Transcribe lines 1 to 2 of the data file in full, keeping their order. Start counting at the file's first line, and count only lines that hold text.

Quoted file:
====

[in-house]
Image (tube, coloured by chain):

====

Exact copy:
[in-house]
Image (tube, coloured by chain):